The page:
It is when we recognize that we ourselves--yes, even those of us who go to church every week--are the crippled, the blind, and the lame; when we realize that we ourselves have bad habits that need correcting--habits by which we unthinkingly and sometimes uncaringly hurt the people around us; and especially when we realize that we need help from the Lord to correct those bad habits--those "sins," in Biblical terms; then our attitude toward the church, the Bible, and the Lord changes completely.

When we see ourselves as spiritually crippled, blind, lame, and in need of the Lord's healing, we will never think of making excuses to avoid satisfying our need for spiritual nourishment. Reading the Bible, coming to church, and learning about the Lord will no longer be something we endure because we know we should--or a reason to make excuses. Instead, we will hunger and thirst for the insight into our painful predicament that only religion can satisfy. We will long to feel the Lord's love flowing into our lives, healing the emptiness and brokenness that we so often feel in our hearts and souls.

When we are ready to face that emptiness and brokenness; when we stop trying, like the Pharisees, to put on a show of already being complete in ourselves--spiritually, emotionally, and in our relationships with others; when we recognize that we are broken people in need of the Lord's healing; then we can approach the Lord's feast with joy and gratitude, and savor the rich spiritual blessings that we find there.

We can also recognize that the Lord's feast is a family feast. The invitation extends to all of the Lord's children--even to the Pharisees, if they (or is that we?) will only accept the invitation. When we come to the Lord's feast, we will find ourselves sitting down with many different people--people that may seem to have been rounded up randomly from the highways and byways of life. Yet we will find that we share a bond with these people: our acceptance of the Lord's love into our lives in a very personal way.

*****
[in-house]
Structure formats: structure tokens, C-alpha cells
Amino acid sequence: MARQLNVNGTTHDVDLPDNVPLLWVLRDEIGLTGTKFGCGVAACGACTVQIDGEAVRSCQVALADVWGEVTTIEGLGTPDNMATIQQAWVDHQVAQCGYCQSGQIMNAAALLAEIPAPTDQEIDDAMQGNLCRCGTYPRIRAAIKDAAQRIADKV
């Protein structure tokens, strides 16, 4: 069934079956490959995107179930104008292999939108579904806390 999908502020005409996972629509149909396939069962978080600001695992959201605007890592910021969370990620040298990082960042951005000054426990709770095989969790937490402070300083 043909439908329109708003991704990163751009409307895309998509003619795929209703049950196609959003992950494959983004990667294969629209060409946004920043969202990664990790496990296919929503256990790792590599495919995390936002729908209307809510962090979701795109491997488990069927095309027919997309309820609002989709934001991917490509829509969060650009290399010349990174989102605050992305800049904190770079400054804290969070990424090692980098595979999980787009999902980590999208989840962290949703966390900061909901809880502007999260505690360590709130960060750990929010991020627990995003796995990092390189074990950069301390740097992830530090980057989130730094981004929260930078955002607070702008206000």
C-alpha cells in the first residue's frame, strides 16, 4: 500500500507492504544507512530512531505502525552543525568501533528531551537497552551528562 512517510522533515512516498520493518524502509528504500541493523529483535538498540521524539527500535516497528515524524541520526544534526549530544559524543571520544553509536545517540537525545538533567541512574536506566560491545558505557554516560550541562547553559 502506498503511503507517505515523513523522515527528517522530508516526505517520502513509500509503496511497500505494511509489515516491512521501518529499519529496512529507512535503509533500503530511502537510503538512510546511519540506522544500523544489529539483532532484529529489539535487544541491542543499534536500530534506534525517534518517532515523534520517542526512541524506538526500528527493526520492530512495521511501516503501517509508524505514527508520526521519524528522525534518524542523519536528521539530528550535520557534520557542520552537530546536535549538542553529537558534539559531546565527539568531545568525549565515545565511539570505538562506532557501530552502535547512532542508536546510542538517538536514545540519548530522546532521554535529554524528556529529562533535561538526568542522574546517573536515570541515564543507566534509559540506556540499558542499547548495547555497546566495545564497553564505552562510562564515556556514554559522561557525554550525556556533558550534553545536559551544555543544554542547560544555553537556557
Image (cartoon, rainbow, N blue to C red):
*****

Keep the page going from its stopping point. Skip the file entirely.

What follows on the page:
I started by talking about our church family being all together, and I would like to end with a challenge to all of us in this church family. Can we as a church family follow the example of the one who called the great banquet? We know that the one who calls the banquet is the Lord. When all the "right" people--the invited guests--make excuses instead of coming to the feast, the Lord's response is to call the "wrong" people--the people who we may not want to rub elbows with because we might get our elbows dirty.

Can we as a church do the same thing? Can we open up our eyes and our hearts, and look, not for people that we think would be an asset to our church, but for people who are in emotional and spiritual need? Can we extend our invitation to people who may be down and perhaps even out? Can we open our doors and our hearts to them, and help to bring them the healing and the joy of sharing in the Lord's free gift of life and love?

Today we celebrate our church family, children and adults together. As we celebrate, the Lord is calling us to open our hearts wider, and to invite people who may be overlooked or abandoned into our circle--into the Lord's feast of friendship and love.

Painting  entitled "Little Red" is  ©Tom Sierak 
and used with his permission by Moon And Back Graphics to construct this set

Music: In the Garden
© 1999 Bruce De Boer